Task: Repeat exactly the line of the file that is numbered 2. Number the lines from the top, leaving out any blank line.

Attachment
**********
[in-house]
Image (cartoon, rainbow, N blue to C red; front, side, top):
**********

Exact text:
Image (cartoon, rainbow, N blue to C red; front, side, top):